Review:

Absolutely stunning. This novel takes on the idea of ghosts, both real and emotional as they affect an entire family. Cara’s family struggles to survive during the accident season every year. From October 1-31, there’s an increase in scrapes, broken bones, and other more fatal injuries. Like when her dad drowned. Or her uncle. This accident season, even more odd things are happening. For one, Elsie (the weird mousy girl from school) is in every one of her photos. Not just the ones she’s taken in this last few weeks, but in every photo on her phone and in the photo albums at her mom’s house, Elise is there… watching. When she tries to confront Elise about everything, she’s not at school and nobody knows where she is. Or who she is, for that matter.

Then there’s Bea. Her best friend has been acting extra weird around her sister Alice, and she and her ex-stepbrother Sam are both starting to notice. Speaking of Sam, he’s looking at her differently these days too. Just as it’s about to come to a close, Bea reads (in her Tarot deck) that this accident season will be one of the worst.

Filled with ghosts and monsters straight out of a fairy tale, this novel set in rural Ireland was a real treat of a ghost story. It’s anything but typical, and I can’t wait for someone to please please please read this so that I can actually talk to them about it!

Verdict:

Holly Black meets John Green meets Ireland. Boom. (That’s an “I would recommend to anyone” for all of you not familiar with my weirdness).

Have you read this book? Is there anything similar out there that I can read before I lose my mind? Can we start a support group? 

The Things You Kiss Goodbye by Leslie Connor

I was so impressed by this book. I can remember going to little “talks” in high school where they would talk about how many high school relationships are abusive (that statistic is up to roughly 10% according to a CDC article I found while writing this). It seemed so high to me at the time. I’d never experienced anything like what I imagined an abusive relationship was like. I got these ideas–from Law & Order: SVU and from those talks in my health class in high school–that abuse was always rape o physical abuse, that the women and men who take that kind of abuse are just hit one day and afraid to say anything because they’re too surprised. That’s true, and I’m not saying that that doesn’t happen. However a lot of what I’d consider abuse now as a twenty-something isn’t as overt as that.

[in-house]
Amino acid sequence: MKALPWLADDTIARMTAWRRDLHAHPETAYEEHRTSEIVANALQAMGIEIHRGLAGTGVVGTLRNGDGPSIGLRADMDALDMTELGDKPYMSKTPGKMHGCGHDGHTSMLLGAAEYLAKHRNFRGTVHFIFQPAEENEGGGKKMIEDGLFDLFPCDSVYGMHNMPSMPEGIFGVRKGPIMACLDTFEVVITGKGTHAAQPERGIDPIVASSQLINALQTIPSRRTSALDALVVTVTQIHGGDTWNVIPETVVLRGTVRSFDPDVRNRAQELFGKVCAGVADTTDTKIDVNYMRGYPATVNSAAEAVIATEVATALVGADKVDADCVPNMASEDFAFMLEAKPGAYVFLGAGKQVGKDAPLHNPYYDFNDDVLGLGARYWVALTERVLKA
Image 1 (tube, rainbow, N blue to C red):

Plot

This book was a breath of fresh air as someone who’s been in an abusive, controlling, manipulative relationship. This book is important for the very reason that it describes Bettina’s relationship with her boyfriend Brady as picture-perfect. It’s the kind of relationship that all teenage art kids dream of (I know I did) where the basketball star notices you and wants to make you his because he sees how unique you are. You’re his special snowflake that he defends in front of his jock friends. But when he starts to act cruelly, Bettina can’t believe it. She’s so shocked that she doesn’t say anything to him. And when she does he brushes it off, telling her that it’s all in her head, that she needs to lighten up, that it was just a joke. That brushoff is what made this book seem real to me.